September 13, 2011 / 3:43 PM / 9 years ago

Founders of Broadway producer Livent lose appeal

TORONTO (Reuters) - An Ontario court has upheld fraud convictions against the two Canadian theater impresarios behind the 1990s Broadway hits “Show Boat” and “Ragtime”, but has reduced their prison sentences.

Livent co-founder Myron Gottlieb (L) arrives at the courtroom as a camera man falls to the ground before a sentencing hearing with his Livent Inc. co-founder Garth Drabinsky (not seen) in Toronto, August 5, 2009. REUTERS/Mark Blinch

In a decision released Tuesday morning, Ontario Court of Appeal rejected a request for a new trial by Garth Drabinsky and Myron Gottlieb, founders of now defunct theater production company Livent Inc.

But the court reduced Drabinsky’s sentence to five years from seven and Gottlieb’s to four years from six.

A spokeswoman from Ontario’s Ministry of the Attorney General said both men were already in custody as they were required to turn themselves in on Monday night, ahead of the judgment.

In March 2009, they were convicted of fraud and forgery. The forgery conviction was later stayed.

In reducing their sentences, the appeals court said the lower court should have taken into account the fact that there was no evidence of actual financial losses caused by the fraud.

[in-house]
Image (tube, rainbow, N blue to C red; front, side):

Prosecutors argued the pair had directed accountants to falsify Livent’s records and to artificially boost earnings to attract investment.

The lower court found that Drabinsky and Gottlieb had also devised a scheme to book false invoices, inflating the company’s assets.

On appeal, defense lawyers Edward Greenspan and Brian Greenspan argued that former employees who testified against Drabinsky and Gottlieb were unreliable, and that government lawyers had not proven the pair knew about the fraud.

Livent, which went public in 1993, was the force behind more than dozen major productions in New York and Toronto, including a Broadway success with a revival of the musical “Show Boat”. Livent’s shows won a total of 14 Tony awards.

The company went bankrupt in 1998 after the fraud allegations came to light.

With this judgment, Drabinsky and Gottlieb have nearly run out of avenues to escape jail time. Rulings from Ontario’s high court can be appealed to the Supreme Court of Canada, but it may not agree to hear the case.

The pair’s lawyers said they have not yet decided whether to seek an appeal.

Reporting by Allison Martell; editing by Peter Galloway

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